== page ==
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The Denali Dragon

The Denali Dragon

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Simon McCartney
October 2017 | Read
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An exclusive extract from The Bond: two epic climbs in Alaska and a lifetime's connection between climbers  by Simon McCartney, winner of the 2016 Boardman Tasker award for mountain literature 


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We promise ourselves that tomorrow night we will be more comfortable. I think to myself that we will need to be; it is too early on such a big climb to be undergoing this sort of hardship and we will weaken quickly if we cannot look after ourselves. Jack says he is so tired he is beginning to hallucinate and his honesty allows me to confess that I feel a little the same. I think the altitude is affecting us both.

We have climbed about 1,600 feet today. Not bad, not great. If we can keep that pace we will spend only three days in the rock band. My worry is that we won’t keep the pace because the photo tells me that it will get steeper as the air gets thinner.

 

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Jack wrote in his journal every day, seen here inside our super igloo under the south-west face of Denali.


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Jack’s Journal, June 8th


We had a fitful bivouac; I eventually put on my parka, down leggings and got into my vapour barrier liner. I managed to remain in a dream state until 4 a.m. We were up and going when it got warm at about 7 a.m. The weather is still looking brilliant, blues skies bordered with white cirrus clouds.

We’re really getting some gobsmacking views of Mount Hunter, Foraker and most of Alaska.

The first two pitches were the most desperate.

There is snow in the back of a bent crack that overhangs two ways. Simon leads and almost falls off. I jumar; it must have been a scary lead since the protection is shitty at best. We alternate leads from there on, snow and rock pitches, really sustained hard rock climbing.

We traverse around and go up left diagonally again, hard desperate work at 14,000 feet. I am feeling weak; my feet are warm but they are killing me. They hurt worse than my back, which hurts worse than my left shoulder, which hurts worse than my brain. The heels of my feet are bleeding, blisters torn from my flesh; it is hard to front point that is for certain. I wish I had a better head for this mixed stuff but I don’t seem to be able to concentrate. Fortunately Simon has his head on.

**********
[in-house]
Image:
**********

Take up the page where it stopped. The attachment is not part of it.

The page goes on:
My mind wanders continually back to Daisy. I don’t know why I miss her now; just at this very moment it is hard to believe she is dead.

Then I think about Richard dying on his cycle. I suppose it is because I am terrified of this face and what could happen to us should a big storm hit that I am so obsessed with the dead. Man, I am scared shitless, I don’t want to die, not here, somewhere else. Simon feels it too and somehow sharing this fear with each other makes it easier to bear.

Perhaps it is the mind’s way of distracting me from what is really happening, because if I sat down and calmly thought about what we are doing, the size of the face, bad weather potential etc., I would freak out and not do it.


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"Now we are in an area that should be easy, but somehow the dragon turns its arse in our direction and farts"


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Jack and I spend our first bivouac in the open, so far so good to cope with the potential seriousness of actually freaking out badly, the mind creates distractions.

I am glad Simon is here with me; since Huntington there is no one else I could go this far out on a limb with.

Now we are in an area that should be easy, but somehow the dragon turns its arse in our direction and farts.

The next and last full pitch of the day is Simon’s and really discouraging: mixed rock, ice and snow around the corner to the base of a snow-choked chimney, which overhangs at the top. I watch him make truly frightening gains, screaming in wildly controlled desperation mixed with the agile body of a gymnast and the look of a crazed wildman on this 5.9 overhanging nightmare in his double boots, crampons and his pack.

It was beautiful to behold him climbing but terrible to follow.

The jumars are frozen up and slip with me attached to them, but the cord from one of them jams in a crack, stopping my plummet into the frozen depths below. It leaves me suspended in frozen animation some ten feet off the deck, hanging from my Swami belt which is slowly but surely cutting off my circulation.

Swinging into a small ledge enables me to get my weight off the rope and to restore some semblance of normal breathing. Then, after a rest, I get Simon to lower me down to regain the ropes and tie in normally. After much trashing, grunting, pulling and heaving myself up the crack I do get up and collapse on the belay.